Implementation of a strategy to produce a broadly neutralizing monoclonal antibody against Zika and dengue viruses
June 17-22, 2018
Dengue and Zika viruses are Flavivirus transmitted by a mosquito bite that cause dengue and Zika fever, respectively, with symptoms including fever, rash and headache. The association of Zika virus infection of pregnant women with the development of microcefalia in the fetus lead to the declaration of Zika as a Public Health Emergency of International Concern by the WHO in 2016. The rapid development of methods of detection, quantification and purification of the virus, among others, is necessary for studying the virus at the laboratory and eventually develop a vaccine. Using molecular biology and cell culture techniques, we implemented a strategy to produce a broadly neutralizing monoclonal antibody against dengue and Zika viruses at the lab.
Signal peptides were selected for high level expression of antibodies in CHO cells, according to previous reports (Haryadi et al. 2015). The sequence reported for the human anti-dengue/Zika IgG1 EDE1 C8, including the sequences of the optimized signal peptides for each chain, were cloned into the Freedom™ pCHO 1.0 vector and CHO-S cells were transfected with the resulting construction. Transfection efficiency was low (13%), however, transfected cells were submitted to selection using methotrexate (MTX) and puromycin (PUR) as selection reagents. Two pools of transfected cells were selected using two concentrations of MTX and PUR, and after selection, 100% cells showed expression of the protein of interest, as determined by a parallel control EGFP transfection. Concentration of selection reagents had no effect in productivity in 6-days batch cultures; therefore, the pool of transfected cells growing in the lowest concentration of MTX and PUR was assessed for stability and productivity in presence and absence of selection reagents. Cells growing in medium with and without MTX and PUR showed stable production of the antibody in 10-days cultures, however, differences were found in µmax, Xmax, and productivity, with the highest values of µmax and Xmax for the cultures without selection reagents (µmax = 0.04 h-1, Xmax = 2.68x107 cells/mL), in comparison with cultures with selection reagents (µmax = 0.03 h-1, Xmax = 2.19x107 cells/mL). Productivity was higher for cells growing in medium with MTX and PUR (0.159x10-6 ug/cell h) than for cells without selection pressure (0.104 pg/cell h), corroborating the importance of maintaining the selection pressure for optimal expression of the protein of interest in this system. The purified antibody recognized the Zika virus and three serotypes of dengue virus, as observed by dot blot, and according to previous reports that demonstrate that the EDE1 C8 antibody recognizes a quaternary epitope conserved in both viruses (Barba-Spaeth et al. 2016). A more exhaustive evaluation of cell pools is necessary to determine the stability of the expression of the antibody for longer periods of time and to optimize its productivity. This antibody will be used for future research and methods development in our lab. Also, the methodology described here could be used as a start point in the production of other therapeutic antibodies and vaccines.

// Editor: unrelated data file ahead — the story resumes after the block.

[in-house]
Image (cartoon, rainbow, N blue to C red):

Barba-Spaeth G, Dejnirattisai W, Rouvinski A, Vaney MC, Medits I, Sharma A, Simon-Loriere E, Sakuntabhai A, Cao-Lormeau VM, Haouz A, England P, Stiasny K, Mongkolsapaya, J, Heinz FX, Screaton, GR, Rey FA (2016) Structural basis of potent Zika-dengue virus antibody cross-neutralization. Nature 536: 48-53.
Haryadi R, Ho S, Kok YJ, Pu HX, Zheng L, Pereira NA, Li B, Bi X, Goh LT, Yang Y, Song Z (2015) Optimization of heavy chain and light chain signal peptides for high level expression of therapeutic antibodies in CHO cells. PLoS ONE 10: e0116878.
Financial support by DGAPA PAPIIT UNAM IT-200418.
Esmeralda Cuevas-Juárez and Laura A. Palomares, "Implementation of a strategy to produce a broadly neutralizing monoclonal antibody against Zika and dengue viruses" in "Vaccine Technology VII", Amine Kamen, McGill University Tarit Mukhopadhyay, University College London Nathalie Garcon, Bioaster Charles Lutsch, Sanofi Pasteur Eds, ECI Symposium Series, (2018). https://dc.engconfintl.org/vt_vii/51